Michael Larsen March 22, 2011 at 7:28 AM

Rick, you’ve hit the dilemma right on the head. Each archer/hunter needs to decide for themselves where they want to be. Lighter arrows will certainly kill game when placed in the right spot and give a flatter trajectory to help minimize errors in yardage judgment. Heavier arrows will do a better job of penetrating through bone and flesh with the shot isn’t perfectly broadside as well as drift less and maintain more energy downrange. I hunt elk in the west where the animals are huge and tough and the distances long so I opt for a 470 grain arrow and practice my yardage judging every chance possible. It’s not my job to judge anyone’s setup, but rather to just lay the facts out and let everyone decide!

Rick Parker April 27, 2012 at 2:30 PM

Thanks Michael for your effort in all of this. I killed a bull elk with the set up I mentioned above last season. I missed all bone and had most of the arrow penetrate thru the off side. 38 yard broadside shot. I hit him a little far back but was blessed and took out the main artery. He went 50 yards and tipped over. I am going to try adding some weight tubes to my current arrow setup to see how I like them. At 3 gr/inch they will put me right up near your set up @478 gr.

Thomas Peterson March 31, 2011 at 10:24 PM

I have found several charts stating what is the sufficient KE for killing different size big game, but is there a chart out there that has the recommended MO (momentum) for killing different sized animals (ie. elk, deer, sheep, moose, ect.)?

SCOTT March 21, 2012 at 12:13 PM

I LIKE THE CHARTS AND ALL THE MATH, SEEMS TO BE CLOSE. REAL WORLD TEST, I TOOK
ONE ARROW 400 GRAINS AND ANOTHER 313 GRAIN, SHOT BOTH OUT OF SAME BOW. 313 GRAIN ARROW SHOT 330 FPS, 400 GRAIN ARROW SHOT 291 FPS, SHOT BOTH ARROWS INTO SAME TARGET, A 3 FOOT HIGH BEAR TARGET, FIRST SHOT BOTH OF THEM AT 20 YARDS, THE 313 GRAIN ARROW SUNK 11 INCHES INTO TARGET, 4 SEPERATE SHOTS OF SAME ARROW. THE 400 GRAIN ARROW SUNK 10.5 INCHES IN TARGET SAME 4 SHOTS, WENT TO 33 YARDS AND 313 GRAIN 9.25 INCHES 400 GRAIN ARROW 8.5 INCHES. MATH DOESNT SEEM TO ADD UP.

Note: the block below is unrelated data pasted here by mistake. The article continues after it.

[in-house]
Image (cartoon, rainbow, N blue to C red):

Michael Larsen March 22, 2012 at 7:33 AM

Scott, a couple of different things in your case: first, were each of the arrows tuned properly and did you check that they were? If so, how? Changing from arrow to arrow can drastically change the tune of the bow/arrow combination and result in a loss of efficiency. Also, foam acts differently in stopping arrows than most other media. I have seen faster arrows with less KE and momentum penetrate better than heavier/slower arrows with more KE and momentum. My working theory is that the foam closes up around an arrow at a certain velocity and the faster arrows are able to penetrate more than slower arrows before the friction of the closing foam stops the arrow. See this article for more: http://archeryreport.com/2010/01/friction-penetration-archery-target-animal-penetration/

BTW, please refrain from typing in all caps. It’s more difficult to read and there is no need to shout

SCOTT March 22, 2012 at 9:51 AM

Oh sorry bout the caps i wasnt shouting, work computer is set up that way and i never changed it. I will check out that article.

kody November 11, 2012 at 12:14 PM

Well lol I think u are all wrong I shoot a high country prox10 at 390 fps with a 249 grain arrow and have complete pass thru on a whitetail at 83 yards thru both front shoulders and my pro x11 high country I shot one with a 330 grain arrow at 411 fps and at 50 yards thru both front shoulders had a complete pass thru but my arrow also drove in ground 10 and half inches so kentiec energy ain’t [edited: no profanity on this site please] its how much flex your arrow has when entering that object my arrows have no flex what so ever leaving the bow are in slow motion where we slowed down 6000 times per frame when hitting target never flexed like all the others my arrows are from high country made out of military carbon 190 a dozen and only animal I had no pass thru was a elk I shot at 98 yards it came out 6 inches on opposite side of shoulder but that’s still great it ran 10 steps. And Fell

Michael Larsen November 11, 2012 at 12:32 PM

Kody,

Firstly, using some proper punctuation and grammar would make your post and point much easier to understand. Also, profanity is not allowed on this site.

Secondly, you can argue all you want for lighter arrows, but the simple truth is that they do not have as much KE, momentum or penetration potential as their heavier counterparts. There are multiple articles and tests on this site, and done by others, that prove the same. This is not to say that a light arrow won’t get the job done, especially on thin-skinned whitetails. Many people have done perfectly well with light arrows on many animals.